by Linda Ray
Ralph Stanley is one of the last great wisdom keepers of a vanishing culture. His music reflects traditions that descended from the Scottish, Irish and Welsh immigrants who settled into Appalachia and the Ozarks as European settlers began to expand their reach beyond the original colonies.
The extent to which his music resonated through a contemporary audience in Tucson, Arizona last week, well into the 21st century, may reflect, in at least a tiny measure, the continuation of that expansion all the way to California. But the people, the culture and the music changed across all that time and geography (see "country" vs "western") and a lot of those old-time sounds got left behind with the good china in the wake of the wagon trains.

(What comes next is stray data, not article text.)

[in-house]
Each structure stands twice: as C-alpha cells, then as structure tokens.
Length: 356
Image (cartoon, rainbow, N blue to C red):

Except as preserved by the likes of The Stanley Brothers, the Carter Family, the Louvin Brothers and Bill Monroe and their fans, those sounds had just about died out until the Coen brothers brought T Bone Burnett on board to score O Brother Where Art Thou. Can it be said of a revival that "The rest is history?"
Fans of Burnett's flair for choosing precisely what music underscores a given script should be enjoying the new True Detective series on HBO. And we all should be grateful that Burnett breathed life into Stanley's high lonesome tenor for a couple more generations.